Ecologically intensifying the green infrastructure strategy for urban sustainability: The BiodiverCITY initiative as a catalyst
The extent of urban land use and the proportion of the human population living in urban contexts across the globe continue to increase annually. Many cities are turning to widespread implementation of ‘green infrastructure’ as a redevelopment strategy that promises improved ecological services of existing and new development; however, this approach appears primarily based in urban planning, engineering, and landscape architecture; is variably defined, implemented, and often under evaluated; and rarely involves ecologists or current ecological knowledge.
This study involved three approaches to evaluate the role of ecology in green infrastructure as a strategy for urban sustainability and resilience. We conducted a systematic review and critical analysis of how green infrastructure is defined, implemented, and evaluated in multiple urban contexts and scales (site, city, national) across the globe. We then evaluated how these approaches are supportive of or in opposition to the state of ecological knowledge with a focus on multifunctional landscapes, connectivity, and urban ecology. Case studies for green infrastructure implementation were analyzed for their ecological integrity. Lastly, using Pittsburgh, PA as an in-depth case study, we evaluated and made recommendations for the city’s approach to ‘green infrastructure’ in the context of the global spectrum of approaches and ecological basis.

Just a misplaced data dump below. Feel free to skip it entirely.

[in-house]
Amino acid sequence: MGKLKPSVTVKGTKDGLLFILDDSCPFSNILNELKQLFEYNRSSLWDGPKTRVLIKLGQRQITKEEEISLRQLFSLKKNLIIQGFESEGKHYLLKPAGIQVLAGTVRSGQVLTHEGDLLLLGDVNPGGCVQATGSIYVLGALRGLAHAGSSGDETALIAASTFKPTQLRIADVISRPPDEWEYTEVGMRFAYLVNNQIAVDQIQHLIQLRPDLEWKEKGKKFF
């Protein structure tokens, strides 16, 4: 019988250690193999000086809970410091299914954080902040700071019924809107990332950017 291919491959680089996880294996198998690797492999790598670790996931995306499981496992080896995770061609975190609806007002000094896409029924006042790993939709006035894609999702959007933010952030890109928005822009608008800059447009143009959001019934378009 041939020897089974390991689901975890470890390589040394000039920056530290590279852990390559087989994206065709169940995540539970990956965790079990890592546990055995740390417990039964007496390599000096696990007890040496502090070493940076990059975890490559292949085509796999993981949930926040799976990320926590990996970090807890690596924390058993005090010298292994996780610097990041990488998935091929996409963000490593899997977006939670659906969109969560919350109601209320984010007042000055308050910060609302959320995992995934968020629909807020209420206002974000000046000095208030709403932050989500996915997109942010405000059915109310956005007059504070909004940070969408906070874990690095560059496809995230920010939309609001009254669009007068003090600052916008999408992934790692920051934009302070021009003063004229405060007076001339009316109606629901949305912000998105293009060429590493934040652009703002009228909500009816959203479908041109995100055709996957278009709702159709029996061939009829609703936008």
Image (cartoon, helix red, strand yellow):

From broad and more ecologically-based to narrow and stormwater-centric, the results illustrate the variability in how green infrastructure is defined, moved to action, and evaluated in urban settings around the globe. Green infrastructure in the United States is largely limited to reducing urban stormwater quantity. Evaluation of the green infrastructure case studies also highlights the difference between more ecologically-based and stormwater-centric projects, but some provide examples for multifunctional landscape approaches to green infrastructure. Lastly, Pittsburgh’s strategy toward ‘green infrastructure’ is primarily focused on reducing stormwater quantity, but other initiatives around the city, lacking the green infrastructure label, are more ecologically-based and expand the restoration of ecological services underway in the city. Overall, Pittsburgh’s redevelopment initiatives have yet to incorporate the role of ecologists and ecological knowledge. To overcome this, we systematically conclude with suggestions and recommendations that connect ecological research scientists, communities, development organizations, informal learning institutions, local governments, landscape architects, and engineers. Finally, the BiodiverCITY initiative and its pilot projects (urban biodiversity assessments, art-science exhibits and programming, and community-based course projects) are described as a potential catalyst for increasing the role of ecological science in urban landscape redesign.